• Wang J, Ge Y, Ning H, Wang S. (2004). Effects of high fluoride and low iodine on biochemical indexes of the brain and learning-memory of offspring rats. Fluoride 37(3): 201-208.
  • Wang J, Ge Y, Ning H, Wang S. (2004). Effects of high fluoride and low iodine on oxidative stress and antioxidant defense of the brain in offspring rats. Fluoride 37(4): 264-270.

These two papers, from a research team in China, examine the interactive effects of high fluoride and low iodine on the brain of rats. They provide a valuable addition to the steadily growing literature on fluoride’s neurotoxicity. The papers report that both high fluoride by itself, and low iodine by itself, damages rat brain. Most interesting, however, is the fact that the damage to the brain was greatest when the elevated fluoride exposure was coupled with the iodine deficiency.

The findings from this team are particularly interesting in light of a recent UNICEF-sponsored study in China, where fluoride exposure in humans was found to exacerbate the IQ deficits induced by iodine deficiency, even at fluoride water levels as low as 0.88 ppm. See: http://www.fluoridealert.org/health/brain/idd.html


  • Stone R. (2004). Iceland’s Doomsday Scenario? Science 306:1278-1281.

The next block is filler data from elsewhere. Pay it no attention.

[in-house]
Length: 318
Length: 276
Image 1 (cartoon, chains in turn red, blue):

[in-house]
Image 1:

This report, published in the November 19th issue of Science, examines the impact of a massive volcano eruption in Iceland back in 1783 – an event estimated to have killed about 10,000 Icelanders (20% of the population) and up to thousands more in Europe – and the possibility that another such eruption may once again occur. The article focuses in on research being conducted by a team led by Dr. Peter Baxter from the University of Cambridge in England. Baxter and colleagues have recently been exhuming the corpses of Icelanders who died in the months following the 1783 eruption, and analyzing their bones for fluoride content and for bone effects indicative of fluoride poisoning. As the article notes, Baxter and colleagues are “testing a thesis that fluoride in Laki’s emissions poisoned people directly and may account in part for the high death toll.”